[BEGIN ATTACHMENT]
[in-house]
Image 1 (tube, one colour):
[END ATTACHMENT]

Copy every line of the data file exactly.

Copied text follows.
[in-house]
Image 1 (tube, one colour):